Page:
by William Bronk
My life has no shape; I live in an old house.
The deed says it's mine now. Well enough.
Even so, I had supposed--or not,
I find I don't know but I thought I supposed--
some shape would happen to impose itself
on the days, the nights, even on this house,
revealing it. I find I don't care
this didn't happen, and yet am surprised.
I haven't read enough Bronk to really know how to read this...this is a poet who had written poetry for 50 years and written prose that will stand alongside this. He ran his family's business.
The man's life had shape--some kind of shape. Did the poet's?--again it appears so.
Or is this a question of a shaping presence outside the self--expected, but in the end illusory. I thought, at the end of my life, that I would impose a shape on it by defining it a certain way "at this moment of thinking about it".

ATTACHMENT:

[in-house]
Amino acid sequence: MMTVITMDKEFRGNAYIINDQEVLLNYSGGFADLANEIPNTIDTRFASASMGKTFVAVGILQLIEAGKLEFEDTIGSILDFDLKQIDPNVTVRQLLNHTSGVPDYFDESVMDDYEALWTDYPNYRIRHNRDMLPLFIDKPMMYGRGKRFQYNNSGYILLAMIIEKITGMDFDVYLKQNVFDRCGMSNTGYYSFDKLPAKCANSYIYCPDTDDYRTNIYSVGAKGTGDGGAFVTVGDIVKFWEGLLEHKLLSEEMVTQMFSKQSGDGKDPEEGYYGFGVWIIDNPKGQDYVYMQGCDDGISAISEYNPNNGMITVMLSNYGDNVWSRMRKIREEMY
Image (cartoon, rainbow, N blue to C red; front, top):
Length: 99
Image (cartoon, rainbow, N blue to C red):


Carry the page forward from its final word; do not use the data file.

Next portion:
It is called, pointedly one supposes, The Revelation, it would be hard to not consider the fact that this is the final book of the New Testament. And so this in itself brings the religious to bear on the poem--I thought that God would come to me. That this life, these memories, would be given shape in reflection--a godly, goodly shape. A meaning. That this shape would be imposed and revealed. But no.
Odd to expect it? No, I think we're hard-wired to imagine this or at least culturally conditioned to think it plausible even if we are anti-theist.